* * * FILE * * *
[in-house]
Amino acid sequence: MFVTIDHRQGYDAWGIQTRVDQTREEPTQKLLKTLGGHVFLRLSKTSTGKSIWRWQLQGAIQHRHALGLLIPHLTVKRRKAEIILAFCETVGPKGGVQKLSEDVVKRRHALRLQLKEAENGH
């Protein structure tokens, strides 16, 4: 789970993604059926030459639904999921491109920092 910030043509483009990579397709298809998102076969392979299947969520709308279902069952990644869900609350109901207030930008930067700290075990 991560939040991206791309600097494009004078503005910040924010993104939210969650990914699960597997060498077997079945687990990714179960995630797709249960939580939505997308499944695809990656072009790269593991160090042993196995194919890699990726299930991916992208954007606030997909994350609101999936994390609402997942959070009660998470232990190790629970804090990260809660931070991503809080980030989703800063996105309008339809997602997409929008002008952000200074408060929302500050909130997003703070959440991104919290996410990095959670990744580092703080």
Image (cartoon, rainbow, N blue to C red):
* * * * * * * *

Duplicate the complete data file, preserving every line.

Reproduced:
[in-house]
Amino acid sequence: MFVTIDHRQGYDAWGIQTRVDQTREEPTQKLLKTLGGHVFLRLSKTSTGKSIWRWQLQGAIQHRHALGLLIPHLTVKRRKAEIILAFCETVGPKGGVQKLSEDVVKRRHALRLQLKEAENGH
């Protein structure tokens, strides 16, 4: 789970993604059926030459639904999921491109920092 910030043509483009990579397709298809998102076969392979299947969520709308279902069952990644869900609350109901207030930008930067700290075990 991560939040991206791309600097494009004078503005910040924010993104939210969650990914699960597997060498077997079945687990990714179960995630797709249960939580939505997308499944695809990656072009790269593991160090042993196995194919890699990726299930991916992208954007606030997909994350609101999936994390609402997942959070009660998470232990190790629970804090990260809660931070991503809080980030989703800063996105309008339809997602997409929008002008952000200074408060929302500050909130997003703070959440991104919290996410990095959670990744580092703080």
Image (cartoon, rainbow, N blue to C red):